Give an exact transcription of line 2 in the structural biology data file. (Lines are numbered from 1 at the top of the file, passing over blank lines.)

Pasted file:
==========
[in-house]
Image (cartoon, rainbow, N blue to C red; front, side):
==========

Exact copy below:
Image (cartoon, rainbow, N blue to C red; front, side):